Miami Herald | EDITORIAL

Balancing security and privacy


OUR OPINION: President should embrace recommendations to modify NSA’s programs

A tough and thorough report by an independent panel of experts last week should be all the justification that President Obama needs to make critical changes in the National Security Agency’s spy programs to protect Americans’ privacy without undermining national security.

Until now, President Obama has tried to deflect criticism of the NSA secret surveillance projects that a federal judge last week labeled “nearly Orwellian.” The president has offered soothing assurances that he understands why the public is worried, but he has never committed to undertake the changes necessary to ensure a minimum level of privacy. It’s time to stop talking and start acting.

The report by a five-member panel of intelligence and legal experts appointed by the president himself stopped short of recommending the dismantling of NSA programs designed to prevent acts of terrorism. Nor should they have. The threat of terrorism on American soil remains very real.

But does that mean that the public has to surrender a reasonable expectation of privacy in communications, either by phone or in cyberspace? The NSA’s excesses, responding to orders from two administrations and from Congress, went far beyond what is necessary to maintain a proper balance between security and the right to be free of a smothering level of surveillance.

The panel included Michael J. Morell, a former No. 2 official at the CIA, and Richard A. Clarke, a former high-ranking security expert at the White House under both Democratic and Republican presidents. Both former insiders, along with the others, are well aware of the level of intelligence needed to keep America safe.

Yet, to their credit, members of the panel made 46 distinct recommendations that would sharply curb data mining and other forms of intrusion into private communications. These go well beyond the cosmetic changes agreed to by some on Capitol Hill and inside the government.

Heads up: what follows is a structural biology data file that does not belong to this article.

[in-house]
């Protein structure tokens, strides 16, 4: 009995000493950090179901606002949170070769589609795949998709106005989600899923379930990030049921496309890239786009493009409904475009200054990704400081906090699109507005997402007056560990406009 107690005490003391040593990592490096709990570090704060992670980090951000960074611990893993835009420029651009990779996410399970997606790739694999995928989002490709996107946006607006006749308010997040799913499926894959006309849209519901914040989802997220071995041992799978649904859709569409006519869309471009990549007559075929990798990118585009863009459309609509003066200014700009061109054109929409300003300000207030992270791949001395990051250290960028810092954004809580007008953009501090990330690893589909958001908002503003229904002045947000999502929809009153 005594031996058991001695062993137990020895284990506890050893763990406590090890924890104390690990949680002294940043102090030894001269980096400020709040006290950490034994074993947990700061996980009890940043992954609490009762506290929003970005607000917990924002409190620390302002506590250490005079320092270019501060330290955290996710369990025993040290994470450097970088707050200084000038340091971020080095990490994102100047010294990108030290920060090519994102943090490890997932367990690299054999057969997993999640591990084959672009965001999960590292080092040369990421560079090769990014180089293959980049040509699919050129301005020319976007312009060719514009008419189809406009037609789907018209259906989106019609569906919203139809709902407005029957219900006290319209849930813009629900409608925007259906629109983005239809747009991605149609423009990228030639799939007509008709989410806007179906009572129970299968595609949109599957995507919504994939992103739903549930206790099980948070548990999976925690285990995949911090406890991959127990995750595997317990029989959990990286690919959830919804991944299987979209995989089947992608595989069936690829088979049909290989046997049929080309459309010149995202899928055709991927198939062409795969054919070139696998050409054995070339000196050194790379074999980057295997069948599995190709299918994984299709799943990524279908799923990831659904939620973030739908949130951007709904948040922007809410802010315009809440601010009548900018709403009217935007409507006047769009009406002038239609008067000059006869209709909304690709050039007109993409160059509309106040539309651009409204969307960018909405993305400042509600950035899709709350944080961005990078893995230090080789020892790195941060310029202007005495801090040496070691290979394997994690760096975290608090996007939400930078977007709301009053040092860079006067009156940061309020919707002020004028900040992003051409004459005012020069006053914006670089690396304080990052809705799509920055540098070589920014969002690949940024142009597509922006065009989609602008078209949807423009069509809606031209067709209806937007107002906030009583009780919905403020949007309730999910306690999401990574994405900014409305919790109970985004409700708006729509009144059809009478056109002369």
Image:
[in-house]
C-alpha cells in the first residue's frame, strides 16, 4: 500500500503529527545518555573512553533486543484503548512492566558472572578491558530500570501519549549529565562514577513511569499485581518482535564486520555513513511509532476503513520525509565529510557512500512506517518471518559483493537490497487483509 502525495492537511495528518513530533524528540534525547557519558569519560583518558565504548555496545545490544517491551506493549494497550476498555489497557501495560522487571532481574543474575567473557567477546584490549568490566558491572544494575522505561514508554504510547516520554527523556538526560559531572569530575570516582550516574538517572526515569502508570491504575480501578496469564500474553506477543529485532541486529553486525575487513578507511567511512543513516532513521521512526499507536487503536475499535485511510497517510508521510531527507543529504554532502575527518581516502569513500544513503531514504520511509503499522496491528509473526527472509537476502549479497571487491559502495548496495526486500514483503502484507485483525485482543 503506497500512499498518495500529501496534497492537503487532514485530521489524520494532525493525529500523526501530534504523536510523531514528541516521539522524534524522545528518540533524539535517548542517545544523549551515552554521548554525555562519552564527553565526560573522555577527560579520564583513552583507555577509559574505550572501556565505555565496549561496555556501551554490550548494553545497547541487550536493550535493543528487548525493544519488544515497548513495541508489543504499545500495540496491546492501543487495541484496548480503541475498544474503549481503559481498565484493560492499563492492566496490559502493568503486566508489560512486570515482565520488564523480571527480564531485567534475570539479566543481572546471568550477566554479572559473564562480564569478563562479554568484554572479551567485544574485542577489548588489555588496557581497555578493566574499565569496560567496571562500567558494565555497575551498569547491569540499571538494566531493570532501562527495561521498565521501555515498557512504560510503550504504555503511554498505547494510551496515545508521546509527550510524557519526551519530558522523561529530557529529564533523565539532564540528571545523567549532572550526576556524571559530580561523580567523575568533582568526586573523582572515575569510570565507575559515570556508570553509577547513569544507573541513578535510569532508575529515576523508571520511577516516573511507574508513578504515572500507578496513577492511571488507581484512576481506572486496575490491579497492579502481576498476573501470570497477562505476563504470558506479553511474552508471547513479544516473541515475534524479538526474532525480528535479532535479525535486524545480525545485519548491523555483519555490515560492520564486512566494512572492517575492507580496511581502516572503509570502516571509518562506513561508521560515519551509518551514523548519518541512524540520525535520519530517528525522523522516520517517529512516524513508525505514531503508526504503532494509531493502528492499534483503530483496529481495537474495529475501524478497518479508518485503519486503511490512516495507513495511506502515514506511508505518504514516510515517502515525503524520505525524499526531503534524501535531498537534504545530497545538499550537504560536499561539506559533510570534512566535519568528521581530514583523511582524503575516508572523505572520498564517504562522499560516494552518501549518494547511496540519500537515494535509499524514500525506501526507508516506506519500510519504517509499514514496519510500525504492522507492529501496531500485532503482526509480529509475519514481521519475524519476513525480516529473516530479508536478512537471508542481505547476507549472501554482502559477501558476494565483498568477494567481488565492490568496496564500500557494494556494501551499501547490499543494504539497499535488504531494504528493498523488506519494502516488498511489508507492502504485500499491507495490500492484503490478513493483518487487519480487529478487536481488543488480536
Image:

Among the most important is the recommendation that the data gleaned from systematically collecting the logs of every American’s phone calls — so-called metadata — should be held in private hands (phone companies or some sort of private consortium) and not by the government itself. The NSA would have to get a judge’s order to perform “link analysis” on any stored record.

Also significant: A recommendation that the government stop trying to weaken encryption standards by Internet service providers and others so that it can easily crack their systems to gather data. And the panel also wants to reform the super-secret surveillance court so that it could be transformed into a true adversarial system to allow a “public-interest advocate” to represent the side of privacy and civil liberties whenever those interests are at stake.

These are all sound recommendations, especially in view of a ruling by U.S. District Judge Richard Leon last week that “the government does not cite a single case in which analysis of the NSA’s bulk metadata collection actually stopped an imminent terrorist attack.” He called part of the surveillance program unconstitutional, a word that should sting the former constitutional law professor who occupies the Oval Office.

The president is expected to announce next month what he intends do about the secrecy programs. He should embrace those changes that provide greater accountability and enhance the civil liberties of Americans. If there are recommendations he cannot accept, he must make a persuasive case to the public as to why.

Read more Editorials stories from the Miami Herald

Annette Taddeo-Goldstein, Charlie Crist’s running mate, signs a petition in Clearwater to let undocumented immigrants get driver’s licenses.

    Miami Herald | EDITORIAL

    The drive for common sense

    OUR OPINION: Grant undocumented immigrants driver’s licenses

  • Miami Herald | EDITORIAL

    Filling the bench

    OUR OPINION: The selection of judges a problem in the Florida gubernatorial race

  • Miami Herald | EDITORIAL

    Black eye for the region

    OUR OPINION: Venezuela does not deserve support for Security Council seat

Miami Herald

Join the

The Miami Herald is pleased to provide this opportunity to share information, experiences and observations about what's in the news. Some of the comments may be reprinted elsewhere on the site or in the newspaper. We encourage lively, open debate on the issues of the day, and ask that you refrain from profanity, hate speech, personal comments and remarks that are off point. Thank you for taking the time to offer your thoughts.

The Miami Herald uses Facebook's commenting system. You need to log in with a Facebook account in order to comment. If you have questions about commenting with your Facebook account, click here.

Have a news tip? You can send it anonymously. Click here to send us your tip - or - consider joining the Public Insight Network and become a source for The Miami Herald and el Nuevo Herald.

Hide Comments

This affects comments on all stories.

Cancel OK

  • Marketplace

Today's Circulars

  • Quick Job Search

Enter Keyword(s) Enter City Select a State Select a Category